[Skip to content]

FM World logo
Text Size: A A A
16 January 2019
View the latest issue of FM
Sign up to Facilitate Daily >
FM World daily e-newsletter logo



12 February 2018 | Herpreet Kaur Grewal

Facilities management staff at the Royal Liverpool Hospital left uncertain of their future after the collapse of Carillion will be transferred to a new company.


The Hospital Company (Liverpool) is a private sector consortium which will set up the new entity.

In a statement a spokesman at the Royal Liverpool and Broadgreen University Hospitals NHS Trust said they acknowledged that “facilities management staff are concerned and we know that this has been an uncertain and difficult time for them” and that the trust’s “primary concern is for staff”.


He said the Hospital Company (Liverpool) has “plans for a new company to be established that facilities management workers will be transferred to”.


He added: “In the meantime, the Hospital Company (Liverpool) is paying PwC weekly so that staff and subcontractors continue to be paid by PwC and services continue to be delivered at our hospitals.


“Staff have been reassured that they will be paid by PwC as long as it takes to establish a new company. We have also reassured suppliers and the supply chain that they will be paid to ensure service delivery.


“The trust is liaising with the Hospital Company (Liverpool) and is keen that a new company is established as soon as possible. However, these talks are complex and may take some time.


But Unite, the country’s largest union, has expressed concerns that the CEO at the Royal Liverpool Hospital, Aidan Kehoe, had refused to meet the union over the future of maintenance staff now in employment limbo because of the Carillion collapse.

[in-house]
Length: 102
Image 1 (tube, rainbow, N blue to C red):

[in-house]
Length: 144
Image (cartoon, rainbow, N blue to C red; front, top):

Unite regional officer Keith Hutson said: “ These workers are in an employment limbo through no fault of their own – they are the victims of the feral capitalism that was the cause of Carillion’s dramatic collapse.


“The fact that highly paid NHS boss Aidan Kehoe is unable to meet Unite to discuss the future of this group of hardworking maintenance staff is a disgrace and a snub.


“These workers are responsible for the daily maintenance of the trust’s buildings and all the health and safety implications this entails. They are separate from the new build at the Royal Liverpool Hospital, which is unlikely to be finished this year.”


He added: “The mature and sensible way forward would for the trust to take these jobs back in-house.”


But the spokesman at the Royal Liverpool and Broadgreen University Hospitals NHS Trust denied that Kehoe was refusing to meet workers’ representatives.

He said: “We haven’t refused to meet with Unite and the chief executive is meeting with various trade unions, including Unite, later this month. Facilities management staff have had the opportunity to talk to the chief executive directly at our monthly face-to-face brief with staff and we are doing everything we can to ensure they are kept up to date by the trust.”


 The Hospital Company was established to deliver the new Royal Liverpool University Hospital and is responsible for ensuring it is completed. As part of this arrangement, The Hospital Company (Liverpool) had contracted with Carillion for its construction.